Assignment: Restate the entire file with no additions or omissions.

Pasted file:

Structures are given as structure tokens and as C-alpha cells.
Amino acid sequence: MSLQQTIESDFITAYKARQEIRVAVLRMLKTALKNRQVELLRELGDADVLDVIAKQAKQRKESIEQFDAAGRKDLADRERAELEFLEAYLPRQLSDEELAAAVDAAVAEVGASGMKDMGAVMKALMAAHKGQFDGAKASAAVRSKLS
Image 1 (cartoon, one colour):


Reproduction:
Structures are given as structure tokens and as C-alpha cells.
Amino acid sequence: MSLQQTIESDFITAYKARQEIRVAVLRMLKTALKNRQVELLRELGDADVLDVIAKQAKQRKESIEQFDAAGRKDLADRERAELEFLEAYLPRQLSDEELAAAVDAAVAEVGASGMKDMGAVMKALMAAHKGQFDGAKASAAVRSKLS
Image 1 (cartoon, one colour):